08 May 2013

Yr 2 Perspective of a Med School Wife: Maren

Maren, too, was so gracious to write a year-in-review post for me again. You can read her year one post here.

What are your responsibilities while your husband is at school this year?

I usually help with the kids early in the morning to let Jared keep dozing, because he's probably been up later than I was the night before, studying. When he is at school, the kids and I will go to the gym do errands. Jared often comes home for lunch to help.  In the afternoon the kids and I take walks or play with friends or at home until it's time to make dinner.

Jared used to come home every day, right when I needed him most, but he's usually at school until 5:30 or 6pm these days. Sometimes we eat dinner without him.  After dinner Jared usually goes back to school to study.

I take care of all our finances, all our household needs, almost all of the chores, almost all the shopping and food-making, a fair portion of the maintenance, our responsibilities as landlords (except for some maintenance), social and future planning, etc. Basically I take care of everything besides Jared's studying.

What did you do differently in year two to support your med student?
This year, but mostly this semester, required more studying of Jared since he's studying for both classes and boards at the same time. He used to stay until all the kids were in bed, but this semester he's only been home about 2 hours per evening. And since we can't converse well when the kids are around, and I'm asleep when he gets home at night, we just don't have much time together. Our relationship is still somehow totally good, maybe because we both can see the sacrifices the other is making (Jared's is trying to be home as much as possible and mine is trying not to nag him or get resentful) and we both know it's temporary. During the times when I'm ready to start yelling and making demands, I remember that we already warned ourselves that this is how this semester would be.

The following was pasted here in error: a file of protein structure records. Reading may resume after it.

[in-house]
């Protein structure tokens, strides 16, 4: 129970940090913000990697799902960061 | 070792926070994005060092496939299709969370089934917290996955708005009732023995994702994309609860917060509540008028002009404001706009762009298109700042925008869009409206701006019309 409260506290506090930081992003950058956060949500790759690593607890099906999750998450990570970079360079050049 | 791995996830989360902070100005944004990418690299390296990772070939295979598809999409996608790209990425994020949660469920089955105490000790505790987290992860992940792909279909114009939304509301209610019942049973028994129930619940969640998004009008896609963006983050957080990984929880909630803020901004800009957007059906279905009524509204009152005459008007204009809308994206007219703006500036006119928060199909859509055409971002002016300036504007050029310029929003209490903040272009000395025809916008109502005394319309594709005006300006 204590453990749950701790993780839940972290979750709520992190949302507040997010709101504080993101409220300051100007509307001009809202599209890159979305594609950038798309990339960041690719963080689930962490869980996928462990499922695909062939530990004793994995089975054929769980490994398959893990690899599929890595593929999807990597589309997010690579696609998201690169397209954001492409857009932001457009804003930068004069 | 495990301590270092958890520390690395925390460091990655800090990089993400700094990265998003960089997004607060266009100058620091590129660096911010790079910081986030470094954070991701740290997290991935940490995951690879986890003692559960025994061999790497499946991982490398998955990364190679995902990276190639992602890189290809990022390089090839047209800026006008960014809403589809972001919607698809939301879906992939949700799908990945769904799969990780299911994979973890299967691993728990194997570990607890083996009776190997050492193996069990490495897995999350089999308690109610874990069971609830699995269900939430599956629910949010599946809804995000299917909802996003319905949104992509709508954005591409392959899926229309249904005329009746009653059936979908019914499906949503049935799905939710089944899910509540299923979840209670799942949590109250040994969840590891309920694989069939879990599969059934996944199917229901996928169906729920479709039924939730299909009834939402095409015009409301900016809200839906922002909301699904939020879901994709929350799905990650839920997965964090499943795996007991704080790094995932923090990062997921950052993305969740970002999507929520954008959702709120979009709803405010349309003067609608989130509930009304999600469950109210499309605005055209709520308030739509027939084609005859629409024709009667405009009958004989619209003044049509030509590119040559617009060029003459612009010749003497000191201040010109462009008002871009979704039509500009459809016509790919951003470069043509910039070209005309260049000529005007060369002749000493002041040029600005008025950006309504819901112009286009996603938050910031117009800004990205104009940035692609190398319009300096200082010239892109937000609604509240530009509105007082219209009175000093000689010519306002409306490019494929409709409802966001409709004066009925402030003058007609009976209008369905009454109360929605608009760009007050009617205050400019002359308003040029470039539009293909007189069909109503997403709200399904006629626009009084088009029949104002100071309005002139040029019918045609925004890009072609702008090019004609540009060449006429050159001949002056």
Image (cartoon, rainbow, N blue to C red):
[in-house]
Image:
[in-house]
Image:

How did you prepare for the lottery and rotations?

For rotations, we thought a lot about how close we would be to family in each location, and also about #1's schooling situation. We wanted to get her into a Spanish Immersion program, and there are only a few areas that offer that. Also, we knew that Jared will possibly be traveling to various Air Force rotation sites for 4th year and I'd better have family around to help me. Those factors were at least as heavily, if not more heavily weighted than what Jared thought the rotations would be like for him. We also figured, one really has no idea of how it's going to be until one does it, and every situation's got it's pros and cons, so there's no point fussing too much about trying to predict whether he'll like the rotation site or not.

What was the most difficult part of year two for you?

The most difficult part of year two has probably been this last two weeks of finals. The schedule has been much more full of tests than normal, and I've had to remind myself a lot that this is temporary and that Jared won't always be this stressed and absent.

Any advice for first years?

My advice to first years and everyone else is to identify what your expectations are, communicate them, decide whether they're realistic, and adjust where necessary.